|Publication number||US8125991 B1|
|Application number||US 11/831,890|
|Publication date||Feb 28, 2012|
|Filing date||Jul 31, 2007|
|Priority date||Jul 31, 2007|
|Publication number||11831890, 831890, US 8125991 B1, US 8125991B1, US-B1-8125991, US8125991 B1, US8125991B1|
|Inventors||Michael Schlansker, Nathan Lorenzo Binkert, Jayaram Mudigonda|
|Original Assignee||Hewlett-Packard Development Company, L.P.|
|Export Citation||BiBTeX, EndNote, RefMan|
|Patent Citations (17), Referenced by (3), Classifications (5), Legal Events (4)|
|External Links: USPTO, USPTO Assignment, Espacenet|
The present invention relates generally to a network switch and more particularly to route lookup by a network switch.
Data centers incorporate switched fabrics containing switches that perform route lookup operations needed to determine where to send a packet having a given destination address. A destination address carried within each packet uniquely identifies the endpoint to which the packet should be sent. An example of such switches are Ethernet switches.
Each Ethernet switch has a number of bidirectional Ethernet ports. When a switch receives a packet it uses the destination address to determine the desired output port and then sends that packet through the output port to the next Ethernet switch or endpoint device in the fabric. The choice of output port at each hop determines a route through the Ethernet fabric. In order to maintain correct communications, the route for each address must finally reach the destination Ethernet endpoint that is indicated by the target address from any point in the fabric.
Existing Ethernet switches process arbitrarily chosen Ethernet addresses. When a packet arrvies at a switch, the switch must use the packet's destination Ethernet address to quickly determine a route or destination port to which that packet should be sent. Forwarding tables are used to define a route for each Ethernet endpoint within a cluster. When Ethernet addresses are arbitrarily selected, and fast lookup is required, expensive associative lookup hardware is commonly used to quickly determine the route for the packet. Some high performance solutions rely primarily on Content Addressable Memories (CAMs) to quickly identify a packet route for arbitrarily assigned Ethernet addresses. Fast content addressable memories are expensive to build in hardware.
Software-based lookup and look-up techniques implemented in inexpensive hardware are much cheaper but introduce significant routing latency.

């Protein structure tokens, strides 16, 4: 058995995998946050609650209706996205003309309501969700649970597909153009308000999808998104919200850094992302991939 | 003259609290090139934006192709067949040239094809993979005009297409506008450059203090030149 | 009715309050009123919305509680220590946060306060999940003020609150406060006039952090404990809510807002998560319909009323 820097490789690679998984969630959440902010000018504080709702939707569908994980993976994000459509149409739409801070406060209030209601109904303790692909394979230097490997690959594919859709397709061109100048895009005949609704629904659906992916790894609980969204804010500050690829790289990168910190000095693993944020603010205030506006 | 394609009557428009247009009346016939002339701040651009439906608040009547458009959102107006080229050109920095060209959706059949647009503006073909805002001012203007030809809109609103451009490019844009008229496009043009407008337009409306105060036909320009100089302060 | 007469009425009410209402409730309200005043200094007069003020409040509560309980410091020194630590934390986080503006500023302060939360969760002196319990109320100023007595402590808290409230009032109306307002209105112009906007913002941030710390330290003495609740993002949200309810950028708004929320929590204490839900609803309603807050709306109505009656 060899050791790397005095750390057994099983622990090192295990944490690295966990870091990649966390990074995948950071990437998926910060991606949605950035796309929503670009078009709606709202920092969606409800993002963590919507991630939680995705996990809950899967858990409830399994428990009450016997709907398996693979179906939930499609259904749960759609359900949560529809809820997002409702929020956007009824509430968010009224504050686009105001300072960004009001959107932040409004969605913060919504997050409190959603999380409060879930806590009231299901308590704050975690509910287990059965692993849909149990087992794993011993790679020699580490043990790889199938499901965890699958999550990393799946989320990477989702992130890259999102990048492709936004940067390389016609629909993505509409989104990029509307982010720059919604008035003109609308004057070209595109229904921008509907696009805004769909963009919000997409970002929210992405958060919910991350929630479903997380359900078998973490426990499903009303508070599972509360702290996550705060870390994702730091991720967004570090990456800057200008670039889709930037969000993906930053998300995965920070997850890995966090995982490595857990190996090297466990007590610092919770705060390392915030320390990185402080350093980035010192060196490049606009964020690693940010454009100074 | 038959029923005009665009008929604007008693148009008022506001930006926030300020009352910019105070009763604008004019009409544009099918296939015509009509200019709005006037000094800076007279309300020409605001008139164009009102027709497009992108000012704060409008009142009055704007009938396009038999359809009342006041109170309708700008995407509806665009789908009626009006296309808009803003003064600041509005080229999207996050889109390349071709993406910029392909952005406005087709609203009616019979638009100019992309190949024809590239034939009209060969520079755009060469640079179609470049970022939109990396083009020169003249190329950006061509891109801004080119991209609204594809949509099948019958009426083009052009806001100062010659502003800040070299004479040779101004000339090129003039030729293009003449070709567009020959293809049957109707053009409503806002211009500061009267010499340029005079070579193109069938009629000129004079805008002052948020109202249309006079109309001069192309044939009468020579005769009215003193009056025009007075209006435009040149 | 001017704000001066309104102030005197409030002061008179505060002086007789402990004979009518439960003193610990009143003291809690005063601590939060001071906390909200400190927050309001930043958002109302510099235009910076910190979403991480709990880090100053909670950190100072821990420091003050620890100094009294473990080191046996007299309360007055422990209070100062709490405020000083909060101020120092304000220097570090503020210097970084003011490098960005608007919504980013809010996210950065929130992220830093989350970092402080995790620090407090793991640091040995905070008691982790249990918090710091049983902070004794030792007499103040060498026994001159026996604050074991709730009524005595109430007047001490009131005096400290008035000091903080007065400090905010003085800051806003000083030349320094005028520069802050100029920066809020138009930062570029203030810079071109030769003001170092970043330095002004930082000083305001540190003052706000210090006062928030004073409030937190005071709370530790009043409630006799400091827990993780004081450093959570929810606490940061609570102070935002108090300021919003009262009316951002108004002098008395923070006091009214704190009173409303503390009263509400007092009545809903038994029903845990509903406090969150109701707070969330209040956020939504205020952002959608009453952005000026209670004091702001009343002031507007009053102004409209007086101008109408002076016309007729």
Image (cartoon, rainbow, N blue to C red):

What is desired is a solution which provides low latency or fast route lookup while leveraging lower cost conventional memory types. In the case of Ethernet switches, it is desirable that the solution also conforms to Ethernet standards.
The present invention provides one or more embodiments of a switch architecture that combines address management with simplified hardware to implement fast route lookup within network switches. In one embodiment, the switch is an Ethernet switch. Compatibility allows the improved switch to be used with standard Ethernet hardware and software components. Fast and inexpensive route lookup allows the construction of cost-effective data centers and compute clusters with very low end-to-end latency.
Local area networks are connected to remote devices through a global network of routers. A compute cluster includes a number of nodes (e.g., computing systems) where each node is attached to a network endpoint having a network address that is unique within the cluster.
In the illustrative context of an Ethernet cluster, the Ethernet addresses are managed across the cluster. Address management separates the address into cluster identifier (cluster ID) and member identifier (member ID) components. Ethernet address assignments are chosen so all endpoints in a cluster share a common value for the cluster ID component of the address. The value of the member ID is unique for each node in the cluster. The member ID is used to search a fast lookup table implemented in conventional memory instead of associative memory.